“Have mercy on me, O God, according to your unfailing love; according to your great compassion blot out my transgressions. Wash away all my iniquity and cleanse me from my sin. For I know my transgressions, and my sin is always before me. Against you, you only, have I sinned and done what is evil in your sight… Surely I was sinful at birth, sinful from the time my mother conceived me.” – Psalm 51:1-5

The Bible certifies the existence and saturation of this thing it calls sin. If nothing else, beyond the fact that God really is, and that He communicates to man in space and time, the Bible emphasizes the fact, in example after example, that sin really is, and it is man who naturally and rebelliously sins. Even if sin is denied, ignored, or scorned, when the rubber meets the road, man knows beyond all doubt this one truth about himself: he sins, regularly. The law of God is embedded deep in his being, his consciousness, as a created being, and he is increasingly aware in his development from infancy on that obedience to God’s law is not his forte. He is not only born a sinner, but he knows when faced with the unvarnished reality of who he is, and how he behaves, that obedience is not his natural makeup. Everyone is a sinner; not just a little bit, but thoroughly. In all 66 books of the Bible this truth stands out like a sore thumb. Man has a fallen nature which results in sin oozing out of his pores like perspiration.
So, if this is the case, in the awakened, Spirit-regenerated Christian, confession ought to be as regular as breathing. If it is, you can be assured of a healthy soul. If it is not, there will be a natural sin-sickness which festers and infects the whole person. This sickness needs a remedy, or, minus healing, it will eventually lead to death with numerous “dying” crises along the way; the death of other things in your life: things like kindness, goodness, patience, relationships, righteousness, purity, hope, love; things which when absent result in a sad and broken life.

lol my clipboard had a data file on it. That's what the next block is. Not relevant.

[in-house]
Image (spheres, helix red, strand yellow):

God’s Word graciously calls you to confess your sins, with the promise of faithful forgiveness and refreshing life in Christ. It is a call to personal confession between you and your Father in heaven, but it is also a call to confess your sins in the presence of others, other Christian brothers and sisters. This accomplishes a number of benefits to them and to you. They become aware that they are not alone in being a sinner. They are encouraged by your confession of sin to confess their own sins. You are humbled; a very good thing. They are blessed and encouraged; also a very good thing. Your relationship with one another becomes closer.
The Bible even tells you that others become converted through your confession of sin. It is evangelical in leading others to commit their life to Christ. David in Psalm 51 writes after his own confession of sin: “Then I will teach transgressors your ways, so that sinners will turn to you.” And in James you are encouraged: “Therefore, confess your sins to one another and pray for one another that you may be healed.”
There is far too little confessing sins to one another. If there was more, there would be greater spiritual health among us, and there would be more sinners being brought to redemption and forgiveness in Christ. We need a spirit of Psalm 51 in our midst, your own contrite confession of sin and also the working of humility in your life so that you would confess your sin to God in the presence of others. This is what God in Christ is asking of you.

“O to grace how great a debtor daily I’m constrained to be; let that grace now like a fetter, bind my wandering heart to thee. Prone to wander–Lord, I feel it–prone to leave the God I love; here’s my heart, O take and seal it, seal it for thy courts above.”
(3rd verse of Robert Robinson’s hymn, “Come, Thou Fount of Every Blessing,” 1758)

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